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Many pastel artists are abandoning traditional mat and frame presentations and replacing them instead with wide wood frames. This is especially true when anti- or low-reflection glazing is utilized, like Tru Vue brand AR and Museum Glass. Many prominent galleries are encouraging this presentation and most national pastel exhibitions are seeing entries framed in this manner.
The traditional mat serves as more than a decorative border; it acts as a spacer, holding the delicate pastel surface away from the glass. When matting is eliminated, the framing options are to either sandwich the painting against the glass (an old French method) or to utilize a spacer. Most framing experts agree that it is best to keep the pastel surface away from the glass. For this reason, I use a spacer when framing mat-less. I have found an excellent assortment of spacers to be available from Art Spacers. They come in an array of sizes, have adhesive on one side, and are easy to cut to size. These manufactured spacers make it a breeze to have a pastel ready to hang in a matter of minutes. Cut the spacer to fit the sides of the glass, peal the tape back to expose the adhesive, and stick it to the outside of the glass. Once attached to the glass, simply place it on top of the painting with a non-acidic, PH-balanced backing behind the painting. For added stability, seal the glass to the backing. Use PH-neutral tape available from a framing supply. Attach the tape to the front edge of the glass and wrap it around the sides to adhere it to the backing. This seals the painting between the glass, spacer and backing, allowing for easy placement into a frame and easy removal if needed.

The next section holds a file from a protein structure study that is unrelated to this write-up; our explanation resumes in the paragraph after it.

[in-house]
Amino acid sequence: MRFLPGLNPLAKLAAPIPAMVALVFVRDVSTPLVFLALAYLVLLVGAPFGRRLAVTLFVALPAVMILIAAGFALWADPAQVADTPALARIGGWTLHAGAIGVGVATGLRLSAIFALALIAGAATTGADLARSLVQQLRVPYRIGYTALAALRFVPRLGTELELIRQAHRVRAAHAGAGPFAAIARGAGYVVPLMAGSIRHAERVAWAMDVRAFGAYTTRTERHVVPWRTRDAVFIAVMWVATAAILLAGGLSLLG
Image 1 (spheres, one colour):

With today’s readily available selection of plein air (or impressionist) frames, selecting a style that compliments your painting has never been easier. Whether to use a mat or go mat-less is up to you, but it is nice to have the option.